While there is no commonly agreed upon definition for a social enterprise, there are several shared key qualities. Social enterprises are revenue-generating businesses but they have a focus on creating socially-related good. This mission is central to a social enterprise, particularly for non-profit/community-based entities. For these organizations, “profits” are generally reinvested in growing the business or supporting other key projects. In all cases, social enterprises don’t give money to shareholders or individuals as “profit” (employees will be paid as part of the business plan).
Social enterprises in the community sector often hire people who have been marginalized from the mainstream job market. This could include people facing mental health or addictions issues, people with disabilities, people living in poverty, people experiencing homelessness/poor housing or youth. In addition to job skills, a social enterprise also tends to provide other support services including life skills, counselling and access to other services provided by the organization.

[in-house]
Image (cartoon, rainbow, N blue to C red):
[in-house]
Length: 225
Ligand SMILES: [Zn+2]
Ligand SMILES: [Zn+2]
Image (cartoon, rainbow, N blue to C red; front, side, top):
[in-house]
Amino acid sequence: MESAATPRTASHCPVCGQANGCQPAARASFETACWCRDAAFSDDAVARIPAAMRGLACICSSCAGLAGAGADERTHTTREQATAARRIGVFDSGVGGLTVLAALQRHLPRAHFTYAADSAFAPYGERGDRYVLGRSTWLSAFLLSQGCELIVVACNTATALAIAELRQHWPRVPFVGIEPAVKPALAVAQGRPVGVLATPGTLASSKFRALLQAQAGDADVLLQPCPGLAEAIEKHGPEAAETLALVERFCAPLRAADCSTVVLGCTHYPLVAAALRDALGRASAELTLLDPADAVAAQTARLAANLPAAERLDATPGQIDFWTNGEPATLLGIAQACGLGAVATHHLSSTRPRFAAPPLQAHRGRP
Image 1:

There are a wide variety of social enterprise activities used in the community non-profit sectors include arts and crafts, courier services, catering businesses, laundry services, print shops, restaurants, thrift stores etc.